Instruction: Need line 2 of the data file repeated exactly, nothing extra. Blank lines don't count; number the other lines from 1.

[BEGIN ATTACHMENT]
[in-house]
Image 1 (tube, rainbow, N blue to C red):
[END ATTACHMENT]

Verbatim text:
Image 1 (tube, rainbow, N blue to C red):